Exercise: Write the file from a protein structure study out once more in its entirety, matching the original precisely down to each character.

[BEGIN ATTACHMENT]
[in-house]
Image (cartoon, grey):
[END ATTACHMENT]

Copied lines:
[in-house]
Image (cartoon, grey):